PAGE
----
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The state government has committed to building a “vital” cycleway along Oxford Street despite community consultation finding opinion is deeply divided over the Coalition-era project.
Transport for NSW spruiked its online survey of nearly 1500 people which recorded 57 per cent support for the planned cycleway from Taylor Square to Centennial Park on the southern side of Oxford Street, through Paddington.
An artist’s impression of the proposed Oxford Street East Cycleway from the Transport for NSW early feedback report.
But once combined with feedback from other channels, including calls, emails, doorknocking and form letters, overall support among the 2300 responses fell to 42 per cent, with 51 per cent opposed and 7 per cent neutral.
Transport Minister Jo Haylen said her department would now develop a concept design and final business case for the project – which has not yet been budgeted – and argued it would be good for Oxford Street businesses.
“A cycling link between the east and the CBD is vital to give people a real and safe option to cycle, freeing up space on our roads and seats on our buses,” she said. “People who wouldn’t normally feel safe riding on the road use these paths.”
Opposition transport spokeswoman Natalie Ward said Oxford Street was an iconic Sydney precinct and the government needed to rethink the decision “as it’s clearly divisive in the community”.
One traffic lane in each direction would be lost to accommodate the new cycleway.
In a consultation report published on Wednesday, Transport dismissed calls for the cycleway to run along Moore Park Road instead, noting Oxford Street was the more direct route and still carried more bike traffic than the temporary cycleway in place on Moore Park Road.
It also contended that “far from jeopardising local business, we believe the cycleway offers an opportunity to catalyse placemaking, encourage visitors, and support retail success”.
Complaints from residents involved the removal of several eastbound right turns from Oxford Street to the southern side of Paddington, and one city-bound right turn into Jersey Road, as well as the removal of bus stops and one lane in each direction.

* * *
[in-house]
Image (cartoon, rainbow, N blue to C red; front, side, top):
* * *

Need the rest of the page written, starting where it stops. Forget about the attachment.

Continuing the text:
Transport for NSW said it appreciated those concerns but would not amend its plans, although it was considering retaining a right turn from South Dowling Street eastbound into Oxford Street.
It also said it would review whether the 50km/h speed limit on Oxford Street should be lowered to 40km/h, but noted the road would not be suitable for a reduction to 30km/h, as some suggested. The department promised on-street parking would continue in both directions outside peak hour.
The planned Oxford Street east cycleway will run on the southern side of the road through Paddington.Credit: Brook Mitchell
The Oxford Street East Cycleway is an addition to the bike path from the CBD to Taylor Square which the City of Sydney commenced last month. That 900-metre cycleway – costing the state government $10.8 million and the council $3.2 million – is due to be finished next year.
The Transport for NSW report noted Woollahra Council formally withdrew its support for the eastern cycleway in November and now backed a permanent alternative on Moore Park Road.
This followed a motion at the council’s November 15 meeting endorsed by new mayor Richard Shields, also the new NSW director of the Liberal Party, who said the cycleway was part of Lord Mayor Clover Moore’s “war on cars”.
Liberal senator Andrew Bragg, who previously sought preselection for the lower house seat of Wentworth, has also been a vocal campaigner against the planned cycleway, dubbing it a “horrid boondoggle” that would damage businesses and disrupt Paddington’s heritage streets.
The Labor state government reopened consultation on the project after coming to office in March. The report reveals Transport subsequently held 17 in-person or online meetings with stakeholders between July and November, including Sydney MP Alex Greenwich, cycling advocates, community groups and businesses.
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